I keep trying to retrain my brain to be more optimistic instead of always thinking of the worst case scenario. At times I triumph. At times I fail miserably.
Many people say to voice your worries to others or to ask for help. I can only speak for myself but my anxiety limits me from doing that. I internalise and feel safer knowing my worries are in my head and others can’t hear them. Sometimes I feel that giving life to these concerns or intrusive thoughts will cause them to happen. I often know that I’m overreacting or overthinking and that what I’m panicking about is pointless but there is always a little voice that says ‘what if you’re right?’ ‘what if this isn’t anxiety speaking?’
The one type of anxiety I found most challenging was separation anxiety. I knew children could have this but didn’t believe it was something an adult could have. Until I had it. The thought of being away from my children used to terrify me. I hated taking them to school because they’d be away from me and I couldn’t help them if they needed me emotionally. Letting them stay with their grandparents who I 100% trust would turn me into a wreck. I wouldn’t value the child free time for myself, I’d sit and panic and ring or text them too many times. The thought of going back to work after so long spending quality time with them brought me out in a cold sweat.
But I did it.
I started a new job this year. It’s a huge learning curve and I love it. Instead of making my anxiety worse it’s helped to combat some of it. I know I will never be free of it entirely but knowing I’m appreciated and providing for my family is a huge sense of achievement for someone who thought they’d be relatively housebound forever. Being busy is a great anxiety beater. Because we don’t have time to get caught up in our thoughts, to let them run riot and overtake logic. When we’re busy or occupied they don’t have free rein. Doing something new can be the boost we need, however hard that seems at first, once done it’s something we can be proud of. It can give you the motivation to ty something else scary.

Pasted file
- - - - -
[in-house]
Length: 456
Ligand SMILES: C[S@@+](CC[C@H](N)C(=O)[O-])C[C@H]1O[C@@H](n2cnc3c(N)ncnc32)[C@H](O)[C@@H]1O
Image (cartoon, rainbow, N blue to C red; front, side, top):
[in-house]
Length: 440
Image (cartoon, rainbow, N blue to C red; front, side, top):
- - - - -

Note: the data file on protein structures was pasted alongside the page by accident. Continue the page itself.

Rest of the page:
One day at a time. One task at a time. One leap of faith at a time.
I was lucky enough to have early access to Brightlink learning’s new CPD Courses – Mental Health and Wellbeing Awareness and Understanding Mental Health and Wellbeing. These courses were so informative for those who may be looking to help a colleague but are unsure where to start. There were some tips that really resonated with me, such as meeting a colleague and walking into work with them. This may not sound like something that causes difficulty but believe me, I will not walk into a place I’m unfamiliar with even if it’s just to use the toilet. If I am familiar with surroundings I still won’t enter a building alone. I need the comfort of knowing someone is with me. Little everyday tips like these that people who don’t suffer with anxiety take in their stride are a brilliant resource for understanding what challenges someone is facing and how to help them. These units didn’t ‘preach’ to me. I’ve found sometimes that well intentioned people try to give advice but it can come across as belittling. These units were helpful, informative and valuable. They won’t provide a quick fix for your mental health but they do provide tips and techniques to guide you in starting.
You can find these courses on these links for lawyers:
And these links for front line support professionals:
Anxiety often runs in families, not because it’s hereditary but because it’s learned behaviour.
I don’t want my children learning life is scary (even if it is). I don’t want them living in fear of their thoughts. I don’t want them to be held back from new opportunities because they watched me do it.
I want more for them and I’m learning to want more for myself.
By changing my outlook, by forcing myself to do things that seem impossible I’m also changing their future.